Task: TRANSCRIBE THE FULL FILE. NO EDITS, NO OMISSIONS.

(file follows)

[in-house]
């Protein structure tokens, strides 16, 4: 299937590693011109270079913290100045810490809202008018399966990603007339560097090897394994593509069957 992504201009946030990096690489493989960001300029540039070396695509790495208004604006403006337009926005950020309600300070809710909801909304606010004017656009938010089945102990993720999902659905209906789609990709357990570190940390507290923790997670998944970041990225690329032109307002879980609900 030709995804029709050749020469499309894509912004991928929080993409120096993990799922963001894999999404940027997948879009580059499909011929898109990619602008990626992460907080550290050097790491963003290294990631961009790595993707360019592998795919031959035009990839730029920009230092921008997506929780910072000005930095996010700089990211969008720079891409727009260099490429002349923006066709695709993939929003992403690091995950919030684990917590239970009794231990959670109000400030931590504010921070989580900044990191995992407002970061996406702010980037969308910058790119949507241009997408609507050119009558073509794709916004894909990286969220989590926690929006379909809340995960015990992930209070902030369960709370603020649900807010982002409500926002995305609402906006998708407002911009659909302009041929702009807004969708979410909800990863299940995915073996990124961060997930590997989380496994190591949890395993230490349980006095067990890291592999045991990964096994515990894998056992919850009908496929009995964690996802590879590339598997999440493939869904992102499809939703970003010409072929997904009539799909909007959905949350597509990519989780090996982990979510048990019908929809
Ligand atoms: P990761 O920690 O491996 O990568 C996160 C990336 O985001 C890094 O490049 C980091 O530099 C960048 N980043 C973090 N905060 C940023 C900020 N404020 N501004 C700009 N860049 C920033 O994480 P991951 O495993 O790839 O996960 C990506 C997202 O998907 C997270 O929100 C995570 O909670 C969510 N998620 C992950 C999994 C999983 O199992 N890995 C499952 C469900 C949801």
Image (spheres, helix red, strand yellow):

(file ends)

[in-house]
């Protein structure tokens, strides 16, 4: 299937590693011109270079913290100045810490809202008018399966990603007339560097090897394994593509069957 992504201009946030990096690489493989960001300029540039070396695509790495208004604006403006337009926005950020309600300070809710909801909304606010004017656009938010089945102990993720999902659905209906789609990709357990570190940390507290923790997670998944970041990225690329032109307002879980609900 030709995804029709050749020469499309894509912004991928929080993409120096993990799922963001894999999404940027997948879009580059499909011929898109990619602008990626992460907080550290050097790491963003290294990631961009790595993707360019592998795919031959035009990839730029920009230092921008997506929780910072000005930095996010700089990211969008720079891409727009260099490429002349923006066709695709993939929003992403690091995950919030684990917590239970009794231990959670109000400030931590504010921070989580900044990191995992407002970061996406702010980037969308910058790119949507241009997408609507050119009558073509794709916004894909990286969220989590926690929006379909809340995960015990992930209070902030369960709370603020649900807010982002409500926002995305609402906006998708407002911009659909302009041929702009807004969708979410909800990863299940995915073996990124961060997930590997989380496994190591949890395993230490349980006095067990890291592999045991990964096994515990894998056992919850009908496929009995964690996802590879590339598997999440493939869904992102499809939703970003010409072929997904009539799909909007959905949350597509990519989780090996982990979510048990019908929809
Ligand atoms: P990761 O920690 O491996 O990568 C996160 C990336 O985001 C890094 O490049 C980091 O530099 C960048 N980043 C973090 N905060 C940023 C900020 N404020 N501004 C700009 N860049 C920033 O994480 P991951 O495993 O790839 O996960 C990506 C997202 O998907 C997270 O929100 C995570 O909670 C969510 N998620 C992950 C999994 C999983 O199992 N890995 C499952 C469900 C949801």
Image (spheres, helix red, strand yellow):